Thursday, June 10, 2010

Traveling with Pets, Part Five

Traveling with Cats

Speaking generally, dogs travel more easily than cats. However, there are plenty of dogs who get carsick, or whine for 800 miles, or become aggressive toward strange people or animals. Those dogs have to stay home. But on the other hand there are also plenty of cats who love to ride in the car, walk on a leash, and be friendly with strange people and other animals. They can travel very well.

One thing, though--while dogs can go on camping or hunting trips, or even sightseeing vacations if you can find pet-friendly hotels, motels, and attractions along the way, cats do not take well to that kind of trip. Only take your cat if you have an indoor destination where the cat is welcome and comfortable.

A cat should really walk on a leash as well as be comfortable in a carrier before it's ready to travel. As long as a cat has not been traumatized by being dragged around on a leash, it's actually pretty easy to leash-train him or her. If your cat has been traumatized, though, it may be impossible to get him to accept a leash and harness, in which case just love him as your at-home pet.

Start with a cat harness. A dog harness won't work--your cat will be able to wriggle out of it. Cats also find the easy-to-find X harnesses easy to get out of. I have never understood why X harnesses are in every pet department, while only some dedicated pet stores carry the H harness you really need for security. It's probably because the X harness is self-adjusting, while you have to make a little effort to adjust both the neckband and the belly band of an H harness to fit your cat. It's worth it, though--a well-fitted H harness is the most secure means of walking your cat.

My cats wear their harnesses all the time--hence no wrestling them into harnesses before taking them somewhere. You never want to start out anywhere, across town or across country, with an upset cat.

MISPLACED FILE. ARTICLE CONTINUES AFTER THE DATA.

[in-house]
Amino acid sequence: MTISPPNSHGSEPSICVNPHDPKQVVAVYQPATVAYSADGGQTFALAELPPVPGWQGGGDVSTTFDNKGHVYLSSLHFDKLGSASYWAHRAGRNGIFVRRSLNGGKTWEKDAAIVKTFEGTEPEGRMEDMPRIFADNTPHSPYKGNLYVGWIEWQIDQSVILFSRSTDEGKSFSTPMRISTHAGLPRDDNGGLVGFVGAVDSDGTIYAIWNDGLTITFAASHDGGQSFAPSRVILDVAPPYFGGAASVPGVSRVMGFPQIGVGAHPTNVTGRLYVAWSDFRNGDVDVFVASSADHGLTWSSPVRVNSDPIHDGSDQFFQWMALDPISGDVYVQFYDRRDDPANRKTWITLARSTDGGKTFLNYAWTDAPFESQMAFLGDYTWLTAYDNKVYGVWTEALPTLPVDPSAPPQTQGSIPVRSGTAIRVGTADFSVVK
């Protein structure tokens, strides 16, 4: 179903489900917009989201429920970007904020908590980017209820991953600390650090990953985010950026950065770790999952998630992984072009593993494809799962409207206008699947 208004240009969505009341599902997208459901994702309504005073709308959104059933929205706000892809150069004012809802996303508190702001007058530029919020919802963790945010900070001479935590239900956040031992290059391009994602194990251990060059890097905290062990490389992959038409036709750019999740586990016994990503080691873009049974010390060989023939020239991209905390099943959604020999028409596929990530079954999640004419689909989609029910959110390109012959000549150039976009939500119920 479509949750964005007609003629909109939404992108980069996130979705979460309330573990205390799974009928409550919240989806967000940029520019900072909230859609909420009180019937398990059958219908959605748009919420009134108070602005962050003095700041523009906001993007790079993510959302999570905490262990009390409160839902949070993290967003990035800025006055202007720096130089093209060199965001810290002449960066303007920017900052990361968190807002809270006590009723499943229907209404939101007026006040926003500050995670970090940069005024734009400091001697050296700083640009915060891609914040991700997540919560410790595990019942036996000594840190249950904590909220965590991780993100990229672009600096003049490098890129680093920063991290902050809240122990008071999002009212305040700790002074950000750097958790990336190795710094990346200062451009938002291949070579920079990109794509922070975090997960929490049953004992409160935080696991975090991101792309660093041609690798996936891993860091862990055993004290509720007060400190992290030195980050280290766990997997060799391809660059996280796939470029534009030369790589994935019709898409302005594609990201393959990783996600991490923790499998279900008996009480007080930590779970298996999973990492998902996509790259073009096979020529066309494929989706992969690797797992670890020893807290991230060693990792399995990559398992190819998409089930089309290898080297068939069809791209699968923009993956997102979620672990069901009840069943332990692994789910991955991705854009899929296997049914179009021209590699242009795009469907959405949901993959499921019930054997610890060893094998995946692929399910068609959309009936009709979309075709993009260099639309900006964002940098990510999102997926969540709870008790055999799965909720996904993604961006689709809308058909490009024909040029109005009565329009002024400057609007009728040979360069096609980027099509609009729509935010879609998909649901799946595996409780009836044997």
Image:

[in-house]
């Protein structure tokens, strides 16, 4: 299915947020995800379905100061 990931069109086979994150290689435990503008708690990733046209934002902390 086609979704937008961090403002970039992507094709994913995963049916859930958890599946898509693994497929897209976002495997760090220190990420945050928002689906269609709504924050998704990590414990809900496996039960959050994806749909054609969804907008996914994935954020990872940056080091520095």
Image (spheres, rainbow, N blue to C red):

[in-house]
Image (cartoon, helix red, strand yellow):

To teach a cat to walk on a leash, start with a harness. Adjust the neck and belly straps to approximate your cat's measurements before trying to put it on him.

Play gently with your cat, petting and rubbing--no racing or wrestling games before you try to fit her with a harness. When she's relaxed and happy, put the harness on her and keep stroking her. You should be able to slide four fingers under both loops of the harness, but no more or there will be too much wriggle room.

Continue to play with and pet your cat. Once the harness is on and fitted, you can go on to more active games to both distract the cat and show him that the harness will not restrict his movements. Give him his favorite treat, or toss him his favorite toy.

That's it for the first step. Leave the harness on your cat, and let her go about her usual activities. At first she may try to get the harness off, or may chew on it. If you got a sturdy one, she won't be able to bite through it.

Just leave the harness on your cat from now on. When you see your cat cleaning his harness along with his fur, he has accepted it as part of himself. Even if that happens within a day or two, wait a minimum of a week before attaching a leash. Two weeks is even better.